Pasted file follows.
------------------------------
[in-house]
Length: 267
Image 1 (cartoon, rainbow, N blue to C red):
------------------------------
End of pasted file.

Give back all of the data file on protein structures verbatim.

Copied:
[in-house]
Length: 267
Image 1 (cartoon, rainbow, N blue to C red):